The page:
I have previously written an answer to the math version of the same question. I see no reason why it can't be applied to this case as well.
The human tendency is to prefer worrying about the most recently raised concern: You are reading paper X. You see a term T you don't recognize. You decide to pause reading X to quickly look up T (of course, underestimating how long that will take). You find a paper Y explaining T. While reading Y you find another unclear term U. U has been encountered just now, but T and X were minutes or hours ago - of course U seems like the more urgent thing to figure out. Next thing you know, you're in a meeting about X, you don't know a damn thing about X, but you sure learned everything there is to know about U!
So the human mind, at least in my experience, operates as a stack (in fact a leaky stack, since our attention is quite limited and things at the bottom often become forgotten instead of just delayed). The stack happens to be the defining feature of depth-first search algorithms.
By many relevant metrics, depth-first search (DFS) is a particularly bad choice for reading papers. For instance, presumably the paper you are reading is expected to contain the most important information to you at the time; if there was one that seemed more important, you would read that instead. But with DFS, you will spend a lot of time reading other papers, only distantly related to the original paper - ie. you will waste your time on less useful things.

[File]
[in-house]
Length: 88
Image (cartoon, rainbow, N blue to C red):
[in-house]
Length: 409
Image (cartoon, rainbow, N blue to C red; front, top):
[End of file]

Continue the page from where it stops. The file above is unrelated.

Because human knowledge is vast, your attention will become exhausted long before DFS hits the wall and starts returning to the original topic.
Probably the biggest reason more efficient approaches (for instance breadth-first search [BFS]) are not more common is that they require additional hardware. Namely, a pen and paper to write a list of things to look up as you read the paper, so that you don't have to split your attention between reading the paper and remembering this growing to-do list. One also has to fight one's own laziness when going to grab a pen and paper, and then (gasp) actually writing, which is much slower than thinking.
Also, the only important point isn't the order in which you look things up. There is also a pruning issue. Many people (including myself) will overestimate how important a term is to understanding the main point (quite a silly habit, since it's essentially trying to guess what it will take to understand a text you have yet neither read nor understood). With a BFS style approach, often it turns out that most of those things you thought you should look up don't really matter and you don't need to look them up. With the DFS, it is much harder to tell what terms actually matter, which ones are irrelevant and which ones become obvious by the end of the text.
Basically, you have to exercise your patience and rebuke your inner sloth. Finish reading your current thing first before looking everything up. Don't worry, you won't forget - just write down what needs to be looked up, with references to where it occurred if you are very worried. Yes, you do have to physically write things, which is clumsy (hence why I say rebuke your inner sloth) but absolutely necessary to overcome some crucial limitations of the human brain. You can type instead of writing, or highlight, or draw !'s on the margins - doesn't really matter, so long as you use a physical (as opposed to mental) means of recording it, and finish what you're reading before starting to read other things.